are taken from the UFO literature. (4)

It was a late summer afternoon, and I was winding along a
country road on my motorbike. An extraordinary sense of
stillness came upon me . . . I felt that this summer afternoon
had always existed and that I was arrested in an endless moment.
When I got off the bike, a few minutes later, I had an
extraordinarily powerful tingling in my hands, nose, lips and
tongue. It seemed to be a continuation of the vibration of the
motorbike . . . the vibrating sensation was growing stronger
every moment . . . My sense of vision was then affected . . .
The hum of crickets was all around me, and when I closed my
eyes, this was immediately translated into a hum of colour . . .
After about 20 minutes . . . the visual world resumed its normal
appearance . . . I had a come-down feeling and the beginnings of
a headache.

Clay, Alabama - Summer 1962, 1800


Dean Self was walking home along the Clay-Palmerdale road after
visiting a friend, when he heard a sound like a wind in a pine
tree , then an unnatural silence. Looking up he was terrified to
see an object 30 m above him. It was 12 m long, with a cabin
about 2 m high at the front. It had a smooth white surface with
multicoloured lights on the underside, which pulsated in rhythm
with a muted

throbbing sound which seemed to affect his whole body. The
object suddenly vanished, the wind was heard again, then the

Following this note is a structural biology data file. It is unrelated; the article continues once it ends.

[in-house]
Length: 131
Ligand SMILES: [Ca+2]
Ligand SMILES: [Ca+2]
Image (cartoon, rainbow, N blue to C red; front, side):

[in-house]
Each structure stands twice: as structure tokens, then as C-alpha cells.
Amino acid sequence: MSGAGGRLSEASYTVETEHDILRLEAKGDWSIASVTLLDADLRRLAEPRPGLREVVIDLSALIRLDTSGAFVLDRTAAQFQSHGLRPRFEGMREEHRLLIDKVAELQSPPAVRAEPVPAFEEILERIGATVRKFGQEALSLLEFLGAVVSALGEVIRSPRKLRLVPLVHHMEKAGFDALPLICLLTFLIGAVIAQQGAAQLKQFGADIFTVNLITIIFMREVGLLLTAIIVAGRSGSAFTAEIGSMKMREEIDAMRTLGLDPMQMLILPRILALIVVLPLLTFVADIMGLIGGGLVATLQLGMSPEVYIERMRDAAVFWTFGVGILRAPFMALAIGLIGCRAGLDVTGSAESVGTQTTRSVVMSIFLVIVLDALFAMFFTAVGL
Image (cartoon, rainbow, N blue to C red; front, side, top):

natural sounds returned.

Sandling, near Saltwood, Kent, England - August 1962, 2330

Bruce Leggatt (17) had just ridden past Sandling station on his
scooter on this very warm night, when the air turned cold. He
became afraid and accelerated. Looking over his shoulder, he
glimpsed a yellow oval object, rough in outline, which extended
over the width of the road (c. 6 m). He became more afraid,
feeling that he was being watched. This feeling persisted for
some time after he turned on to a main road.

It must be realised that these descriptions are not necessarily
accurate accounts of what was experienced at the time, because
of the difficulty of recalling and describing them clearly. Dr
Sacks writes of . . . free-wheeling states of hallucinosis,
illusion, or dreaming" which may be experienced during intense
migraine auras, and be manifest as confused or confabulatory
states of which the patient retains imperfect recollection.
These states are composed of coherent, dramatically-organised
series of images, and are usually compared by patients to
intense, involuntary daydreams or daymares. (5) Dr Sacks also
emphasises the exceedingly strange nature of many aura phenomena
and he notes that . . . the sense of strangeness is frequently
accompanied by a sense of profoundly-disturbed time perception .
(6)

Scotomata

A type of visual hallucination commonly associated with migraine
auras is the scotoma, which develops as it appears to move
across the field of vision. The advancing margin of the scotoma
often displays the gross zig-zag appearance which justifies the